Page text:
The Multipolar Moment Has Arrived, and Not a Moment Too Soon

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The Multipolar Moment Has Arrived, and Not a Moment Too Soon

by Sameer Gupta

What does the future look like for the ‘Empire of Chaos’? The recent flurry of meetings among the transatlantic powers in Europe will likely prove to be a pivotal moment in answering that question. As the world’s leading imperial powers came together to articulate what the path forward would be for the besieged ‘rules based order’, the frequently deployed slogan of Build Back Better serves to highlight the bruised egos of a transatlantic bureaucracy smarting from the twin traumas of Donald Trump and Brexit, their countries enveloped by simmering social crisis at the hands of a financialized economy whose depredations continue to linger more than a decade on from the 2008 crash. 

And while the US liberal commentariat’s eager, habitual indulgence in crude Russophobia meant that the US-Russia summit served as a domestic backdrop of sorts for Joe Biden’s widely anticipated European tour, the President’s agenda (two days before heading to Geneva for his meeting with Putin, Biden held court with NATO allies in Brussels) made it clear that this extended visit was aimed at reasserting American control over a disoriented transatlantic alliance.

After all, it was during his first State of the Union address back in April that Biden outlined his vision for restored American leadership at home and on the world stage, predicated upon a commitment to principles of justice, fairness and human rights within the framework of a more compassionate capitalism, the means through which the United States would “win the 21st century.” 

That this decidedly unimaginative rhetoric was nonetheless enough for the usual coastal media sycophants to dub Joe “nothing will fundamentally change” Biden a worthy successor to FDR speaks to the cynical calculus of those backing what journalist Pepe Escobar refers to as Obama-Biden 3.0, a hollow vessel for elite interests and a beacon to any opportunist who wishes to eke out a career for themselves in the Social-Industrial complex. At best, what Biden has offered the American people and the western world at large is further enlargement of what can be best described as the wages of war. After all, there is a reason why many have called the military, an instrument of imperial domination, the most socialistic organization in America.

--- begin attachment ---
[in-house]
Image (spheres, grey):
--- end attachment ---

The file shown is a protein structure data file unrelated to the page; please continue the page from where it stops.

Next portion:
But what of Biden’s long-heralded shift left, toward policies which could at least be considered social democratic in nature? Those who still held out in the hope that the tireless campaigning on behalf of the Democrats by ordinary people across the country would be rewarded with a bona fide redistributive agenda for the working class didn’t have to wait long for their hopes to be dashed. The $15 minimum wage increase? Sorry, not possible. Debt relief of any kind? Non-starter. Social spending? Coming later now, maybe. Border camps meanwhile have merely been rebranded, continuing to hold thousands in squalid conditions. And despite Democratic majorities in Congress and the support of a significant majority of Americans, there remains no momentum in Washington for any form of universal healthcare coverage. 

And while structural reforms of political economy were never really on the table, the speed at which the nascent Biden administration has moved to strengthen the grip of oligarchs on all aspects of American life should alarm progressives. The election hadn’t even happened yet when a fracking ban was taken off the table by the Biden-Harris ticket, and yet now in the midst of a historic heat wave that has suddenly made the costs of inaction on climate change frighteningly real for millions, they sound the alarm in a cynical bid to greenwash the efforts of America’s biggest corporations and hedge funds to cash in on an unfurling climate disaster that is already proving to be a catastrophe for the working class at home and abroad. 

But it is Biden’s signature “progressive” proposals concerning tax reform that most clearly illustrate what any observers concerned with fairness and social justice can expect from American leadership of the world system. Central to Biden’s plan is the negotiation with OECD countries of an agreement to implement global tax rules which include a proposed 15% global corporate income tax, as well as other regulations meant to curb tax evasion. And yet, a complete exemption has already been carved out for financial services, at the behest of a sector which has facilitated the flow into overseas tax shelters of enormous sums of wealth totaling an estimated $5.6 trillion equivalent to about 10% of global GDP. And domestically, it should be said that his much-celebrated “rolling back” of the Trump tax cuts (a giveaway to the rich of historic proportions) only brings the corporate tax rate to 28%, well short of the 35% pre-Trump rate. Of course all of this does little to address the long-running reality that few profitable multinationals pay anything close to the nominal income tax rate.